Special Report: Four Companies to Cash in on Capturing Carbon

The energy infrastructure of the world is getting an overhaul as we speak. Talk of climate change abounds, and decisions are being made now on what to do to stop its effects.

Now, it's likely that when you see this subject in the media, you hear the most about cutting coal use and building onto renewable energy capacity.

The problem here is that the world at large relies too much on cheap, reliable coal, oil, and natural gas for any of the fossil fuels to be entirely cut off all at once.

No matter how quickly renewable energies are installed, there will still be a long transition period before the world gives up on fossil fuels. But effort also has to be put into cutting back on the harmful emissions, CO2 especially, that come from their use.

Could there be a way to do both?


It's called carbon capture and storage (CCS), and it will one day be able to facilitate the continued — if reduced — use of fossil fuels, but with much cleaner results.

Carbon Capture Technology

Even bigger than emissions from industrial processes, the burning of coal, oil, and natural gas for energy produces massive carbon emissions every year. In 2014 alone, electricity production accounted for more than 2 billion metric tons of CO2.

As such, technologies are being developed right now that are geared toward preventing those emissions from ever reaching the air by capturing the carbon emissions first.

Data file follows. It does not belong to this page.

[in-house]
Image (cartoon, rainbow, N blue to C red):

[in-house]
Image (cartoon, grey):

Carbon capture and storage is exactly what it sounds like: separating the carbon from such processes as energy production and industrial operations and storing it in underground wells of various types. This prevents the carbon from escaping into the atmosphere — permanently, in an ideal situation.

There are actually a few different processes under the name “carbon capture.”

The three main methods are:

  • Pre-combustion
  • Post-combustion
  • Oxyfuel combustion

Pre-combustion is the most difficult and expensive of the three. It requires the source fuel to be converted into a gas and made into a mixture of CO2 and hydrogen.

From there, the hydrogen is sent on to be burned — CO2-free — into energy.

Post-combustion involves burning the fuel as usual and capturing the CO2 produced after the fact. This requires some kind of filtering process to be done to separate the CO2 from the other byproducts.

One such process uses a liquid solvent to absorb the CO2, then burns it out of the liquid and into a separated gas. Others use solid filters that pull the carbon out of the air.

Oxyfuel combustion is another way of burning the fuel and capturing the CO2 after the fact. In this case, pure oxygen rather than regular air is used in the combustion process. This produces a straight mixture of water vapor and CO2 that can be easily filtered.

Currently available technologies can reduce a power plant's emissions output by 80–90%, according to the Environmental Protection Agency (EPA).